I have had this little clump for about 3 years. The mature bark is starting to form, and it has a good base starting to show that “turtle back” look. During the growing season, it has been pinched, and during the winter it has been pruned, but I have not wired it yet. As it started the winter:
Close- up of the base and bark forming:
Some heavy areas to address, largest trunk:
Pruning at the red line:
Back left trunk:
Pruning at the red line:
Placed and evaluated:
Finished for now:
Transitions are softer now, and the tree has some balance from side to side. It will be repotted again in spring, and the work for 2020 will include building some ramification, and addressing the apex of the tallest trunk. Pot, Koyo.
An air-layer created in 2011, grown in the ground for a few years and then potted in 2015:
Eventually, I thread-grafted new first branches, lower to compact the tree; changed the front, and chopped the right trunk lower than the left:
Since the tree is on its own roots, my goal was to produce a really nice radial Nebari, which will also have the rough bark of the trunks. I also decided to grow this tree slowly, and let it develop the character only age can provide. So it went into a bonsai pot, and we’ll let time take its course.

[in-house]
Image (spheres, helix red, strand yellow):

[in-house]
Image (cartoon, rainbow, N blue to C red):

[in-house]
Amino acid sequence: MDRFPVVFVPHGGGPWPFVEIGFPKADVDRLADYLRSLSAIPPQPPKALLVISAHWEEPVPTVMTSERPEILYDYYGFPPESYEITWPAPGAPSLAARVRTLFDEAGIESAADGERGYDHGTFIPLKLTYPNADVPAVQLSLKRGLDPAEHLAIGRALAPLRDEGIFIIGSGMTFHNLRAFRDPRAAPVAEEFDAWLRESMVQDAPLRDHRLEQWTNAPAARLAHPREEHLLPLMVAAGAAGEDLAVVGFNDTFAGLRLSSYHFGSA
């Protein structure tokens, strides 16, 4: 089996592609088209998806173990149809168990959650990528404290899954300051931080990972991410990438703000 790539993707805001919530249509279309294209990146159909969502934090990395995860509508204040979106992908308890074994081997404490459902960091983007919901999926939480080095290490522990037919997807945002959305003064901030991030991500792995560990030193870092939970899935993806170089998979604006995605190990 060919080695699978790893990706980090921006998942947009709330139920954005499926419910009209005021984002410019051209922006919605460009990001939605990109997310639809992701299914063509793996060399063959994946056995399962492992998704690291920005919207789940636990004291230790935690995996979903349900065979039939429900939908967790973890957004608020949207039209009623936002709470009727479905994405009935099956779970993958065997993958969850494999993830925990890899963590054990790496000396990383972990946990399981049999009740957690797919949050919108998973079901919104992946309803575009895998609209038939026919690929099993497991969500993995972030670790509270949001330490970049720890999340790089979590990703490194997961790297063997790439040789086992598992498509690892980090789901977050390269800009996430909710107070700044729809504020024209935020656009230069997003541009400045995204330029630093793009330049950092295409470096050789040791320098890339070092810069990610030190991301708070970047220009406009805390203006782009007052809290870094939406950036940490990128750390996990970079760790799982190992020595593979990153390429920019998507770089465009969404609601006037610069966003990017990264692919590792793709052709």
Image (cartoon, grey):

At the end of 2019, the tree is about 8 years old from an air-layer, and it was pruned back and wired. I also let a shoot run long to thread-graft into the upper left trunk, growing toward the right.
The pot is an old Yozan from the 1960s, beautiful orange clay under a cream glaze which is developing some nice patina.
I was hoping for the best, and expecting the worst. Even the parent tree had a very one-sided root system. Still…?
It was 2017 when I created and separated the layer, and in 2018 I wasn’t convinced it was strong enough for root work, so I delayed it to this spring. Glad I did, but I’d been curious how it worked out for 18 months.
The moment of truth…
So I pruned it back to a single plane, and what I hoped was live tissue. Then inserted a screw to anchor it to the pot, and trimmed the roots back a little.
Secured it to this pink Shibakatsu pot…
Packed the freshly-cut underside with sphagnum moss…
And topped off the tank with straight akadama.
Fingers crossed for better luck this time. Here is a shot in early May before the first haircut.
And in November at the end of the growing season. When then leaves fall, it will be time to carefully prune to direct growth.
So in November, an early hard freeze zapped the leaves of any chance for fall color:
So they were removed…
Branches were pruned so the terminal bud was facing outward. Thicker shoots were cut shorter, resulting in this:
And what was left was tied up for the winter: